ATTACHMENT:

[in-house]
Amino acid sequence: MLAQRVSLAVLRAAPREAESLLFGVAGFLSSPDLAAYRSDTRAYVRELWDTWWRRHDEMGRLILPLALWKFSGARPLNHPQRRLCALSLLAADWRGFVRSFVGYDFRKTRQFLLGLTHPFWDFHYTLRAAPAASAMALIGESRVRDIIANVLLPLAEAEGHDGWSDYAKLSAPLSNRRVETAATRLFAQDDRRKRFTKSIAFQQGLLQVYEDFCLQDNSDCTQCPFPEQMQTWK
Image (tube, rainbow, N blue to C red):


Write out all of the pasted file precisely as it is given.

[in-house]
Amino acid sequence: MLAQRVSLAVLRAAPREAESLLFGVAGFLSSPDLAAYRSDTRAYVRELWDTWWRRHDEMGRLILPLALWKFSGARPLNHPQRRLCALSLLAADWRGFVRSFVGYDFRKTRQFLLGLTHPFWDFHYTLRAAPAASAMALIGESRVRDIIANVLLPLAEAEGHDGWSDYAKLSAPLSNRRVETAATRLFAQDDRRKRFTKSIAFQQGLLQVYEDFCLQDNSDCTQCPFPEQMQTWK
Image (tube, rainbow, N blue to C red):